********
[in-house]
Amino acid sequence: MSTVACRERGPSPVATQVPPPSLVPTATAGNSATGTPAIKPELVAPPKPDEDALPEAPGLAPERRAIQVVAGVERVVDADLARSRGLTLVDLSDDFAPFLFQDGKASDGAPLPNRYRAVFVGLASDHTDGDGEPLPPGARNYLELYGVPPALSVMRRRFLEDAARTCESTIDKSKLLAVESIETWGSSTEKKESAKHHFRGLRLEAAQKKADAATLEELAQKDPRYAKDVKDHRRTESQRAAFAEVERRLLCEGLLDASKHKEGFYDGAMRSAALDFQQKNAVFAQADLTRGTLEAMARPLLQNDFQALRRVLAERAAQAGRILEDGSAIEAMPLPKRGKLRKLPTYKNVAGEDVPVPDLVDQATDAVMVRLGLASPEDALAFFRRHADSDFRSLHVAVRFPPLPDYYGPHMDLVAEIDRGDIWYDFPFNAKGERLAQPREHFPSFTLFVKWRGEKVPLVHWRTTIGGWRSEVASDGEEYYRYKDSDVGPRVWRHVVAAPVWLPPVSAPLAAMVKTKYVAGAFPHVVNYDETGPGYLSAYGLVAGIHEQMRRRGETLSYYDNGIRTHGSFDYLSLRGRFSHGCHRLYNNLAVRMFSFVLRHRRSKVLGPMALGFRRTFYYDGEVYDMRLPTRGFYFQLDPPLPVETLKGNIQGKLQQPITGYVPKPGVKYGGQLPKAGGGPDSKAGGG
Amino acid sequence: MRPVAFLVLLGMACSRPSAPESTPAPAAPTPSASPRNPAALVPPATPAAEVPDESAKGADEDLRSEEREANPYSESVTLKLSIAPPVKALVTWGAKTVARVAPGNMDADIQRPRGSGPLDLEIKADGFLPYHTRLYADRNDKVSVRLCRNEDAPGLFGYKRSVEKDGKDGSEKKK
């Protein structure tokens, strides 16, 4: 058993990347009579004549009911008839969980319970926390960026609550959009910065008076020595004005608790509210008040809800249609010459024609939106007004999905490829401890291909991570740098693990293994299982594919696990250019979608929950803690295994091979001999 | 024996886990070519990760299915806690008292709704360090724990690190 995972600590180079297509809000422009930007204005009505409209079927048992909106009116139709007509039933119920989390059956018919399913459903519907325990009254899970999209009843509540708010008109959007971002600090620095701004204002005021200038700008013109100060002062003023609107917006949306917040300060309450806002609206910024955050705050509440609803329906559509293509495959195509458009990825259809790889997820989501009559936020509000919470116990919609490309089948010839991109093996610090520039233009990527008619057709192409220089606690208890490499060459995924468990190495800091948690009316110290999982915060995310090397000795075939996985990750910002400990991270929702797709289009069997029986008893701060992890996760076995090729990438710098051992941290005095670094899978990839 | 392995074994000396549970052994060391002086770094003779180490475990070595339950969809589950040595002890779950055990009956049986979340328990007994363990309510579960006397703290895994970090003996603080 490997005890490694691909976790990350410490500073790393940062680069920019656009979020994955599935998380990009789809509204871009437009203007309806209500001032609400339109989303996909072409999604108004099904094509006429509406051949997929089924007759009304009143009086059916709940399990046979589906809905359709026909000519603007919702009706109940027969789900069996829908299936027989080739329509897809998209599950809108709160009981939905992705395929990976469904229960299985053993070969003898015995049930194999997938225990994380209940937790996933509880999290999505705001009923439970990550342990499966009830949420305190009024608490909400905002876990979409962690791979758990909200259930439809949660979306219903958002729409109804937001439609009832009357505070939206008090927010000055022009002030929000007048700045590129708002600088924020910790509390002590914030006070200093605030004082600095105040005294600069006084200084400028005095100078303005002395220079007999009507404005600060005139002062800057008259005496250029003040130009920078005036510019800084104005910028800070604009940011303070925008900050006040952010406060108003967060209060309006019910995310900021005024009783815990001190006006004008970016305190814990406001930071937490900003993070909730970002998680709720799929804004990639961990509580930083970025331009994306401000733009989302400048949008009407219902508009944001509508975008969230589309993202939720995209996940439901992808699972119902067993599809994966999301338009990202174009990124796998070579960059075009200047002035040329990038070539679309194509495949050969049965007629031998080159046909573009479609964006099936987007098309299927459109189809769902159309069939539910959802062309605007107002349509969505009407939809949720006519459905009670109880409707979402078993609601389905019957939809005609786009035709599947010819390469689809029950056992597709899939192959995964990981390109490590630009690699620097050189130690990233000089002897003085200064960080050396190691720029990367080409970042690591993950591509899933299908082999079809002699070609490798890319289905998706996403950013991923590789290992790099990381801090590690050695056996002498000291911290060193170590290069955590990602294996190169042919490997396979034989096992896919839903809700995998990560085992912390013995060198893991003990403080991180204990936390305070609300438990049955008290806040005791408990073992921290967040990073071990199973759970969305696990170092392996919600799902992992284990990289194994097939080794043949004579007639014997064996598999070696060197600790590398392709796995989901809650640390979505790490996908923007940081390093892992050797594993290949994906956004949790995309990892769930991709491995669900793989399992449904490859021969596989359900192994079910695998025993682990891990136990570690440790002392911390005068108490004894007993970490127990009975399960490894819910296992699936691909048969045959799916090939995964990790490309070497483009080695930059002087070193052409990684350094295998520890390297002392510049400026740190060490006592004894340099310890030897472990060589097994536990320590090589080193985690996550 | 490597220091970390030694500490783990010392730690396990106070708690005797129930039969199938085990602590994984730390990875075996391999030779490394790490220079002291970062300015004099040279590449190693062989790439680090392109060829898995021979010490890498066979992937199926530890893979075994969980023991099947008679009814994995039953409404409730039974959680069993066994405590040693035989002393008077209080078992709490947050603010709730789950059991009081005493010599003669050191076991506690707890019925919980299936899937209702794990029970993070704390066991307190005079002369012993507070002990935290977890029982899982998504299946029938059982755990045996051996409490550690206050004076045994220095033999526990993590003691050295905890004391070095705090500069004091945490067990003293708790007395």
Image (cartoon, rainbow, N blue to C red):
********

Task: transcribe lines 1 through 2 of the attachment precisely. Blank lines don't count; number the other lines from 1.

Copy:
[in-house]
Amino acid sequence: MSTVACRERGPSPVATQVPPPSLVPTATAGNSATGTPAIKPELVAPPKPDEDALPEAPGLAPERRAIQVVAGVERVVDADLARSRGLTLVDLSDDFAPFLFQDGKASDGAPLPNRYRAVFVGLASDHTDGDGEPLPPGARNYLELYGVPPALSVMRRRFLEDAARTCESTIDKSKLLAVESIETWGSSTEKKESAKHHFRGLRLEAAQKKADAATLEELAQKDPRYAKDVKDHRRTESQRAAFAEVERRLLCEGLLDASKHKEGFYDGAMRSAALDFQQKNAVFAQADLTRGTLEAMARPLLQNDFQALRRVLAERAAQAGRILEDGSAIEAMPLPKRGKLRKLPTYKNVAGEDVPVPDLVDQATDAVMVRLGLASPEDALAFFRRHADSDFRSLHVAVRFPPLPDYYGPHMDLVAEIDRGDIWYDFPFNAKGERLAQPREHFPSFTLFVKWRGEKVPLVHWRTTIGGWRSEVASDGEEYYRYKDSDVGPRVWRHVVAAPVWLPPVSAPLAAMVKTKYVAGAFPHVVNYDETGPGYLSAYGLVAGIHEQMRRRGETLSYYDNGIRTHGSFDYLSLRGRFSHGCHRLYNNLAVRMFSFVLRHRRSKVLGPMALGFRRTFYYDGEVYDMRLPTRGFYFQLDPPLPVETLKGNIQGKLQQPITGYVPKPGVKYGGQLPKAGGGPDSKAGGG